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Music a key to childhood learning

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Hungarian educator and musician Zoltan Kodaly once said a person could not be complete without music.

Kodaly believed that a focus on learning through engagement with music, singing, playing, moving, and enjoyment, music became part of the natural learning process.

Walk into any early learning centre in Australia and you will find this theory put into action.

Give a child a pot, a pan and a wooden spoon – or even their own hands, feet and voice – and music can be made. It might not always sound superb; but who are we to judge if there is joy and learning to be had?

CQUniversity Music and Theatre head of program and CQ Conservatorium Director Professor Judith Brown says a child's musical experience is only enhanced when those around them – teachers, parents, carers, family, and community – are active in nurturing the musical experience.

"Music is intrinsic," Professor Brown says.

"Even the 'nah, nah, nah-nah, nah' children sing in the playground is a minor third and it's pitched as speaking. It is everywhere.

"Kids are uninhibited about singing because it is just another way of making a sound.

"We put a lot of other stuff around that and somehow we manage to block this thing that is singing. 

“We put social constraints around it 'because we look silly' but in those early years, children can freely express themselves through singing while developing rhythm, movement, and language."

Music engages the senses

Charles Darwin University’s, Early Childhood senior lecturer Dr Georgie Nutton believes the ways children engage with music can provide a framework across their entire life.

"Music is an embodied learning experience; that is whether they are playing, composing or listening,” Dr Nutton says.

"They are using all of their senses and learning more and more language skills."

As well as the intellectual and academic benefits, music is enabling children to identify, understand and, to a degree, process emotions.

The experience of music means children are using all of their senses – the auditory, physical and use of voice – and this then brings about a response from the child.

Dr Nutton says a diversity of music – for rest time, morning play, or other daily routines and activities – lends an integrated approach.

She says music is a powerful tool which bridges age, ability, cultural and diversity gaps. 

"It doesn’t matter, for instance, what mix of emotions a child feels when they hear a piece of music.

"Rather, it is about identifying the emotion the music brings out and being able to tap into that and better understand it. Then, a loving and caring adult will support that experience with the appropriate language around their reaction and response. That scaffolding is critical.” 

Kids are uninhibited about singing because it is just another way of making a sound. We put social constraints around it 'because we look silly' but in those early years, through singing, children can freely express themselves through singing while developing rhythm, movement, and language.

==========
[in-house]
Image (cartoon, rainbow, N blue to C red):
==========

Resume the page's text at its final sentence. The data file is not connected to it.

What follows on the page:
Professor Judith Brown

Music also appears to have a role in the development of language as there are motor skills that come from controlling the voice and also the ability to play an instrument.

"We actually call our music theory courses the ‘language of music’. Music is essential in the development of speech – in as much as developing the language skills, as developing the skills around making the sounds of speech,” says Professor Brown.

"Then, there is the social and emotional development – of working as part of a team and respecting each person's role within that team; of waiting and taking their turn; of knowing their place and working toward a common goal."

Importance of starting young

There appears to be one central truth about children and music : start young.

Even for very young children who don’t yet speak there are benefits because of their physical response to music. They all engage differently with the music and have their own experience either shared or as an individual.

Singing and music can also create a sense of belonging by bringing a group together and giving it a focus. In a rowdy classroom it can create focus and bridge gaps. 

Music also plays an important role in bringing together children and adults and can help older children develop leadership skills by working with and guiding younger children.

"Initially the music experience of a child is largely me-centric. But then the discipline enabling a child to modify their own behaviour – to learn time and place - in a group situation starts to emerge," Professor Brown says.

"The skills gained through that experience – the academic and physical experiences aside – are foundations for the rest of their lives.

"You can certainly see a difference between a (university-aged) student who has had music as a part of their learning, to someone who hasn't."

Music as therapy

Dr Nutton agrees, adding these social skills were further underpinned by coping and decision-making experiences which would help build resilience and constructive strategies throughout their lives.

"You know yourself, there are days when you know the only thing for how you're feeling is a bit of Carol King. Through music being a key part of early learning, children are being exposed to these experiences, and as such they are learning how music makes them feel, from a young age.

"That's something they will take with them for the rest of their lives.”

Professor Brown says there is a reason music is utilised in therapeutic ways – in prisons or with youth at risk. 

“Song writing for some has actually saved them.

"This is an artistic means of expression; something that is innate to - yet somehow beyond - humanity.

"It's why the arts are an enjoyable activity and intrinsically children want to do it."